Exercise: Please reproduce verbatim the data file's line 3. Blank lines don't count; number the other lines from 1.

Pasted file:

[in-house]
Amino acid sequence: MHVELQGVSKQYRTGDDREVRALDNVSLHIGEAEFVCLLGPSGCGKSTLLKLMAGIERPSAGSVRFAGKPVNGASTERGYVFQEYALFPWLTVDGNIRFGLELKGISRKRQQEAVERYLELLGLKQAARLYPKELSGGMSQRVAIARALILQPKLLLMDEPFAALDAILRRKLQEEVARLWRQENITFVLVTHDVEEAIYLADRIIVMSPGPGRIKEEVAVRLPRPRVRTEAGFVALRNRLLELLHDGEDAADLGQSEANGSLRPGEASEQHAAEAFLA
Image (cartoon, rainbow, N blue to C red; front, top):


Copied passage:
Image (cartoon, rainbow, N blue to C red; front, top):